Friday, June 17, 2011

Alt Abuse

One of the greatest things about Second Life is the chance it gives you to be somebody else. What would your life be like if you were more outgoing? Would it really be fun to be a giggling airhead? Could you be a successful business person?

The ease with which we can become a different person carries some social and moral risks, though. How often have you committed some awful blunder in life, and wished fervently that you could undo it, take it all back and start over? In SL, you can do just that, and a great many people do.

Tired of your SL partner? Are you out of favor with your favorite club or group? Met someone new and want to ditch your old friends and spend time with them instead? No problem...just make an alt.

An “alt” is an alternate Second Life account. It's easy to make one, just go to the SL website and sign up the way you did when you created your first account. You can even give them the same RL information; you may have up to five SL accounts, by Linden Lab's policy.

There are many legitimate uses for alts. I use one as the group accountant for my land rental group. She serves as the “bank account” to hold rent received from my tenants (so I don't forget and spend it all on shoes). Other people use alts as a storage place for excess inventory, or as a refuge to insure privacy when they want to be alone to build or create. Alts can serve as models for clothing, and as a test bed for checking that item permissions have been correctly set.

Alts are often used by roleplayers, especially for formal roleplay scenarios. One might be a military officer, another a spy, and a third a starship engineering tech. Yet another might be in an entire different roleplay “universe” as an elf, or a powerful wizard.

Sometimes, people are forced to create an alt. Someone is persistently stalking and harassing them, and they feel they have no choice but to vanish – and yet they want to stay in SL, so they create an alt to escape their persecutor.

That last one is beginning to edge toward a line I'm going to draw. On one side of the line are the legitimate uses of an alt, and on the other lies...alt abuse. It's not an absolute may draw it in a different place than I do, and every situation is different.

Using an alt to escape a stalker is understandable. But think: you have to give up all the nontransferable things in your inventory, you have to give up all the friends and relationships you've made with your main account. It's hard and painful to start again from scratch. And if you do, your stalker has in some sense won. He or she has destroyed you. Might it not be better to stand and fight, instead of running away? That can be hard too...but I think that, in most cases, the end result will be better. You will be a stronger, wiser, better person for the experience.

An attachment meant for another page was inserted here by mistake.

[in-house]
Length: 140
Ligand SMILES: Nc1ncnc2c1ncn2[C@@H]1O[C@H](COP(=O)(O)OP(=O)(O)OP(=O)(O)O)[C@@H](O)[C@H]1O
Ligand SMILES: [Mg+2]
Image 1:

Of course, the stalker who makes alts is much further over that line. Using an alt to spy, to try to tempt one's partner into infidelity, or to harass is flat wrong.  But some people do it, and you need to be prepared for the possibility.  You don't know for sure who is behind that avatar.

(I absolutely despise head games played with alts, by the way.  Any stranger who comes up to me and says, "Hi, you can't guess who *I* am" is liable to get themselves muted at once.)

Running away from stalkers is one thing. But it's so easy, so tempting to make an alt to avoid the consequences of our own mistakes. We can slip into another user name, another avatar, and be free of guilt, emotional anguish, recriminations from others. People in SL do this every day. There's only one problem with it: like the old saying goes, “no matter where you go...there you are.” You can change your appearance in SL, you can change your Display Name, and you can even make an alt and change your user name. But you take your self with you no matter where you go or what user name you bear. You always have your own character, with its strengths and weaknesses.

Since you can't run away from yourself...why try? Why not stay and work through whatever painful situation is making you think about starting over? Yes, it's hard. It's hard in Real Life too. This is how we grow, in spirit and in wisdom.

What about the person who has one account for their “everyday” Second Life, and another that they use to explore dark fantasies and sexual kink? You'll find folks on both sides of this argument. My own position is, if it's so bad that you can't even do it with a user name that already makes you anonymous, you shouldn't be doing it at all. I have kinks and fantasies and fetishes, like most people...but I've made a conscious decision to live my Second Life as Lindal Kidd, and not try to divide my person up any further than that RL/SL split. I don't even hide any of my groups in my Profile. I am not being holier than thou...I have some pretty racy groups, and some of my friends are very unusual indeed. I make no excuses for them, or for myself. I think the result is that I have a stronger sense of self, of who I am, than if I had six or ten alternate accounts to juggle.

Second Life is a virtual world, but it's full of real people. Our interpersonal relations are just the same here as in RL. No difference. No difference. In this respect SL is not a game, it's another part of life, and we can use it to become better people, or worse.

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